BETHESDA, Ohio — A Belmont County couple has filed a lawsuit seeking more than $2 million from Oxford Oil Company over an oil and gas lease signed in 2006.
Dale R. Russell and his wife, Loretta J. Russell, filed the lawsuit in September over an oil and gas lease on their 128-acre farm in Bethesda, Ohio. The signed lease covered a term of five years, which would have ended in June 2011.
No drilling or other action
No oil or gas has been produced, no wells have been drilled, and drilling operations have not been commenced on the property covered by the Russell lease, according to the landowners. Oxford Oil has not paid any delay rentals to the Russells for the past year.
On June 13, 2011, one day before the lease was set to expire, Oxford Oil Company filed a document with the county recorder’s office to continue the lease under the condition of force majeure.
Force majeure means that something in the marketplace prevented the company from being able to fulfill the conditions of the lease.
Oxford has not released the lease on the property.
The Russells’ attorney, Todd M. Kildow, of the law firm, Phillips, Gardill, Kaiser and Altmeyer, states in the lawsuit that it is Oxford’s actions that stopped the permitting process and that force majeure had nothing to do with it.
According to court documents, when the land was leased, Murray Energy had a previous lease on the coal under the Russells’ land. Oxford contends the permit granted to Murray Energy is the reason a well has not been drilled on the Russell farm.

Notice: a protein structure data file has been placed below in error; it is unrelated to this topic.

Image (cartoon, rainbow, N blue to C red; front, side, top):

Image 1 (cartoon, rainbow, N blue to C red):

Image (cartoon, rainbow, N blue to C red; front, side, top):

The Russells claim Oxford Oil Company had the opportunity to deal with Murray Energy and the coal permit issue prior to entering into their lease, but chose not to, which was totally in the control of Oxford.
Seeking $2 million
The Russells are suing for $2,188,800 or $17,100 an acre, which they state would have been three times the amount they could have gotten as a bonus payment for the oil and gas rights if the lease had ended as it should have in 2011.
The other side
Oxford Oil Company attorney, William Taylor in Zanesville, Ohio, said the company plans to keep the lease in force as long as force majeure allows them. He added that a well has not been placed on the property due to the coal mining in the area.
He said Oxford Oil Company cannot find a site suitable on the land that is also agreeable to the coal company.
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